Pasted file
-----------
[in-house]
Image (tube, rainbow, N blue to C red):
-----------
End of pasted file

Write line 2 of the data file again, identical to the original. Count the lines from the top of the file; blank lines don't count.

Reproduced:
Image (tube, rainbow, N blue to C red):